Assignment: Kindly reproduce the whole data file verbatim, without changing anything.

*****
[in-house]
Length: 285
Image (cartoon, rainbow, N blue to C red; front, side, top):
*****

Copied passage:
[in-house]
Length: 285
Image (cartoon, rainbow, N blue to C red; front, side, top):